When Good People Do Bad Things: Stanford prison, Abu Ghraib

The Stanford Prison Experiment

In 1971, Dr. Zimbardo placed newspaper ads to find normal, healthy, intelligent college students for a mock prison experiment at Stanford University in California. They flipped a coin to determine who would play the initial nine guards and nine prisoners for several weeks. They were paid $15 a day.

You won't believe what happened!


"That is disturbing," Dr. Phil notes.

Dr. Zimbardo agrees. "It was disturbing then, it's disturbing now when I look at it," he says.

Dr. Phil explains the college students were from all over the country, and within 36 hours the prison guards were cruel to the prisoners in what they knew was just an experiment.

"What happened is, over time, it became a prison run by psychologists, not by the state. After the second day, no one used the word experiment. It's really about roles," Dr. Zimbardo explains. "The dress makes a difference, how you look, but then there's also the group. Guards support each other, so when the guards started behaving cruelly, the other guards say, ‘Yeah, right on.' See, but all of us know what it means to be a guard is to have power over other people."

"What is it that takes a good kid and makes them all of a sudden become cruelly evil?" Dr. Phil asks.

"Most of the roles we play are good roles: you're a cheerleader, or you're a teacher. It's only when you play a certain role in a situation where the system puts pressure on you to use that role differently. So, you could be a good guard, or you could be a bad guard. When the system says, ‘These guys are dangerous prisoners,' which is what the guards began to think, then ‘We have to teach them a lesson.' Just as with the taser. So, it's really a fine line between good and evil. It's not a very clear boundary. The rest of the people in your group push you to be more and more extreme," Dr. Zimbardo says.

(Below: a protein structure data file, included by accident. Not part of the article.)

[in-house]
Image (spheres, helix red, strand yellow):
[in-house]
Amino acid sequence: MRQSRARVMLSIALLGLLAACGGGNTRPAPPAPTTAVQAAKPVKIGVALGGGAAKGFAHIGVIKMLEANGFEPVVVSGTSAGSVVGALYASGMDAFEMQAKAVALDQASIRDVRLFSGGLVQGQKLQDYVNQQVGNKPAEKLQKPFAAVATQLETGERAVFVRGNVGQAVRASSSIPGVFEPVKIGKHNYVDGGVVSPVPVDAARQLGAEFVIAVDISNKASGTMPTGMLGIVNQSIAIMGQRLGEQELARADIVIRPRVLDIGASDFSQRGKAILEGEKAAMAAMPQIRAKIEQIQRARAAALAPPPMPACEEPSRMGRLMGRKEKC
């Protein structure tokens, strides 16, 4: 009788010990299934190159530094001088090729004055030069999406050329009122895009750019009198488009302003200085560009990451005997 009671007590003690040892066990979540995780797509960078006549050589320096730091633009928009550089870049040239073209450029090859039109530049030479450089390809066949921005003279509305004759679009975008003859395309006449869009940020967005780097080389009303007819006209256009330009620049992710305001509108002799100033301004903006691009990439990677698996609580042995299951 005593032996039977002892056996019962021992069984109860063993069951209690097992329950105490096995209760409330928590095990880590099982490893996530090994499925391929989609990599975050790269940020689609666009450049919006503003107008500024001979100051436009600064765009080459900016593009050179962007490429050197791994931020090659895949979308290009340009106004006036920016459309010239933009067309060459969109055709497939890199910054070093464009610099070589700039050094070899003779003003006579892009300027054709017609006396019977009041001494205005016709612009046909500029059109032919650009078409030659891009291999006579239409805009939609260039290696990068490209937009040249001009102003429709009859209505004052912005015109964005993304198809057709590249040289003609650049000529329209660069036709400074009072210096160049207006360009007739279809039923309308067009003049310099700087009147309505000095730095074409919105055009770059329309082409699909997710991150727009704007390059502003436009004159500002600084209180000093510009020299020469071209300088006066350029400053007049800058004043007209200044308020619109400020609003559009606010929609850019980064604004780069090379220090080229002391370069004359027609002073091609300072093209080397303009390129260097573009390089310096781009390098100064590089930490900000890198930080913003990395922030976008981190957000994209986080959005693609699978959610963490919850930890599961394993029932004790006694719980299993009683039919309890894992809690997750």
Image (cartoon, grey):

Dr. Zimbardo even noticed that the experiment started to change him as well. "Because I made the mistake of being not only the researcher, but I was the prison superintendent. And if you're the prison superintendent, your main concern is the guards and your institution, not the prisoners " the prisoners come and go. Same way if you were an administrator in a hospital. You care about the nurses more than the patients," he says.

[AD]"You became indifferent?" Dr. Phil asks.

"I became indifferent to the suffering of the prisoners," he says. "People began to treat me as if I was the prison superintendent, and I became that."

The prison experiment was supposed to last weeks, but it was shut down in six days because it got out of control.


To learn more about the Stanford Prison Experiment, click here.

Dr. Zimbardo was an expert witness in the defense of Staff Sergeant Ivan "Chip" Frederick, one of the prison guards at Abu Ghraib.

"In 2004, I was shocked, as most people were throughout the world, when we saw the release of a dozen pictures of American soldiers humiliating, torturing prisoners in Iraq in a prison called Abu Ghraib," Dr. Zimbardo explains. "These were military police humiliating prisoners, sexually abusing them. I wasn't surprised, because I had seen similar pictures in the Stanford prison experiment. The insurgency breaks out. Abu Ghraib is the interrogation center. Military police: They are now going to be the bad guys. One of the main motivations for evil is boredom. Guards get bored. ‘Let's get them naked and pile them in a pyramid. Nobody's ever done that, and let's take a picture of it.'